Of course, Google itself is hardly the last word when it comes to Android. Versions of Ice Cream Sandwich have already appeared on the Nexus One via the recently-released SDK, and while this isn’t an ideal solution, it’s a pretty good indication that running the software on comparable hardware is far from impossible. Once the official Ice Cream Sandwich source code is released (currently expected a few weeks after the November launch of the Galaxy Nexus) you can bet that a multitude of ROM developers will have Android 4.0 running on the Nexus One in a jiffy.
The more disturbing implication of Google’s announcement is the basic hardware requirement for Ice Cream Sandwich, which has yet to be outlined. Recent mid-range phones like the HTC Rhyme run on hardware that’s almost identical to the original Nexus and HTC Desire, and there’s plenty of low-end phones being introduced on even less powerful hardware. What of these devices, some of which are only weeks old on the market? Will customers who bought a $200 phone this summer be denied an official update just a few months later? Motorola and HTC have committed to bringing Ice Cream Sandwich to current phones, but in most cases have not outlined which precise models will be updated.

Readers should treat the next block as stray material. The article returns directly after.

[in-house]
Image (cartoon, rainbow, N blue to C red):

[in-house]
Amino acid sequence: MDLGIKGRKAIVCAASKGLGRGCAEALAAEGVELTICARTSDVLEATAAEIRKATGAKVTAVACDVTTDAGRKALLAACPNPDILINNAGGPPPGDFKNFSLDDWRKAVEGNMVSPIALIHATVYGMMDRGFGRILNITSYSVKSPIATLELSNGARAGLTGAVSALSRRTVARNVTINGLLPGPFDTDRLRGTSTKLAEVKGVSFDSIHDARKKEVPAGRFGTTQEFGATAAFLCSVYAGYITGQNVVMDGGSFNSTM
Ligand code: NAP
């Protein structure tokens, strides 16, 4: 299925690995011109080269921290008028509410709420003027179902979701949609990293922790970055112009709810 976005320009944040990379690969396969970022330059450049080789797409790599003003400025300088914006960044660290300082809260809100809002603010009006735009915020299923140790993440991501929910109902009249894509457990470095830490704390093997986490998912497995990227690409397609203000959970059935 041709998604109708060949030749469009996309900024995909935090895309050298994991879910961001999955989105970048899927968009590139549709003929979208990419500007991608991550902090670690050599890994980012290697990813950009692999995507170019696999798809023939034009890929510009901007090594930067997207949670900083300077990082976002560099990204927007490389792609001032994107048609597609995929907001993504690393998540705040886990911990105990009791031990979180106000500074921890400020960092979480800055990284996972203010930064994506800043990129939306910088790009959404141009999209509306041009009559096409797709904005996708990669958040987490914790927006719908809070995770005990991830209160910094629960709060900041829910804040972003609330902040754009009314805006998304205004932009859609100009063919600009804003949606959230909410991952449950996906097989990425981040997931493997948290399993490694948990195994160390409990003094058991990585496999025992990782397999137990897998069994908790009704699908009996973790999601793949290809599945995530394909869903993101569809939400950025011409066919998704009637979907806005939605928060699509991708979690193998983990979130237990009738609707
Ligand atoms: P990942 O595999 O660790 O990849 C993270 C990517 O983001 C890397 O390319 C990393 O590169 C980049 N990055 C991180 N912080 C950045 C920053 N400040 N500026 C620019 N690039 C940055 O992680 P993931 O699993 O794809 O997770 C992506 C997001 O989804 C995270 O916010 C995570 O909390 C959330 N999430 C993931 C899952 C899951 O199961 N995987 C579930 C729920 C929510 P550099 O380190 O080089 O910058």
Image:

Well, it looks like the venerable Nexus One has finally reached the end of its software cycle – officially, at least. When asked whether or not the original Nexus would be seeing an upgrade to Android 4.0 Ice Cream Sandwich, Google responded that the phone’s hardware was simply too old to handle the update. The oldest developer phone to get Ice Cream Sandwich will be the Nexus S, released twelve months after the original Nexus One.